American multinationals could use investor-state dispute settlement (ISDS) provisions in the European Union-Canada trade deal to sue EU governments in costly legal battles that could stymie policymaking, campaigners have warned.
Corporations with Canadian subsidiaries and holdings could use the Comprehensive Economic and Trade Agreement (CETA) to take countries to international arbitration tribunals, even if the ISDS clause is dropped from the EU-US Transatlantic Trade and Investment Partnership (TTIP).
US companies with “substantial business interests” in Canada would be able to use the CETA ISDS mechanism, if it is ultimately cleared by European and national parliaments.
They include ExxonMobil Investments, which used ISDS in the North American Free Trade Agreement (NAFTA) between Canada, the US and Mexico, to successfully sue Canada in 2007. The energy giant’s investment arm with Murphy Oil claimed about €49 million, but their final award was never made public.
US food processing company Cargill would also qualify. In 2004, Cargill sued Mexico through NAFTA ISDS, winning €71.8 million. Mexico had tried to introduce a tax on drinks containing high fructose corn syrup. The syrup is linked to obesity.
Sustainable trade policy officer at Transport & Environment, Cecile Toubeau, said: “CETA will be a Trojan horse for US-based multinationals to sue the EU and its member states.”
Under NAFTA rules, Canada was sued 34 times, at least once a year since 1996, according to a report Trading Away Democracy, published yesterday (18 November).
Canada has paid €121 million to American investors. Not all the cases were successfu,l but that still exposed the Canadian government to exorbitant legal costs of about €223.4 million, Transport and Environment, an NGO, said. The figure is based on UN research that put the legal fees, (typically 82% of total costs) and tribunal expenses at more than €6.4 million on average.
The US has had 22 cases brought against it under NAFTA. The cases have either been dismissed or arbitration never began, and three cases are pending.
Blair Redlin, researcher with Canada’s Trade Justice Network, said: “Canadians have learned painfully from NAFTA that investor-state dispute settlement is a dangerous system which transfers power away from elected governments, towards corporations and private lawyers.”
Supporters of trade deals would argue that the figures were relatively small in comparison to the economic benefits of free trade. The European Commission, for example, claims that TTIP will be €119 billion a year to the EU economy – or an extra €545 for a family of four.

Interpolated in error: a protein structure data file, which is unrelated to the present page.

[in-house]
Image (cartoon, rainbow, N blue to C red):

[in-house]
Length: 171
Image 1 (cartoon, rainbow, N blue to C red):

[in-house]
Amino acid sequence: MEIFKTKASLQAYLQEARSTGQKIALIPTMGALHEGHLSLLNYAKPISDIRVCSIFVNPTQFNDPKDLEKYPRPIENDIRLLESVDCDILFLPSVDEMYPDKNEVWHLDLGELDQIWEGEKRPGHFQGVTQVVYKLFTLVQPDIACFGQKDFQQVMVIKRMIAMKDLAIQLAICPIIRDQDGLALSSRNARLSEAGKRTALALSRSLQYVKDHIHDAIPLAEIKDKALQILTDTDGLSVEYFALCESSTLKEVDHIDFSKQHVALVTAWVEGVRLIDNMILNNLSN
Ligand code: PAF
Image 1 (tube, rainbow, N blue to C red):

CETA would unleash a wave of corporate lawsuits against Canada, the EU, and its member states, particularly in the mining and financial sectors, campaigners said.
Analysis by 15 environmental NGOs, citizens’ groups and workers unions from both sides of the Atlantic found that that CETA grants even greater rights to foreign investors than NAFTA.
As well as the cost, the threat of litigation had a “chilling effect” on government regulation, which was needed to fight everything from climate change to preventing the next financial crisis, they said.
“If the European Commission, member states and the European Parliament are serious about protecting public policy, they have to scrap investor-state dispute settlement not only from TTIP, but also from CETA,” Toubeau said.
The report said that for Canada, the risks of being sued by EU banks, insurers and holding companies over financial regulations will increase significantly with CETA.
The EU and its member states are at particular risk of being sued by Canadian mining, oil and gas companies, which are already engaged in several natural resource projects across Europe.
The CETA text has been finalised, and after up to two years of “legal scrubbing” will pass to European and national parliaments for ratification.
On 10 November, new EU Trade Commissioner Cecilia Malmström said only minor adjustments to ISDS in CETA could be made.
“It will not be possible to take the dispute settlement procedure out of CETA. We are acting in a European context and must listen to the views of other countries,” Germany’s Economic Affairs Minister Sigmar Gabriel said after meeting with Malmström in Berlin.
In September, Gabriel had said Berlin would not sign unless this clause were scrapped, refusing to accept investment protection agreements in CETA and TTIP.
TTIP, the trade pact between the EU and US, is currently under negotiation.
Matthias Fekl, France’s Secretary of State for Foreign Trade, said this week his country will not support ISDS in TTIP.
Opposition to ISDS in TTIP was so strong the European Commission took it off the negotiating table and held a public consultation. It attracted 150,000 replies.
In his speech to the European Parliament on 22 October, Commission President Jean-Claude Juncker said he would not accept any external limitations being placed on the member states’ ability to settle their own industrial disputes.
But the US is still pushing for its inclusion.
During a visit to the European Parliament’s October plenary session in Strasbourg, Anthony Luzzatto Gardner, from the United States’ mission to the EU, insisted that the ISDS was an important clause.
“Our message to the people of Europe is not to remove it from the table, but to conclude the discussion process and to improve it,” he said.
EU trade ministers will meet tomorrow in Brussels to discuss trade priorities.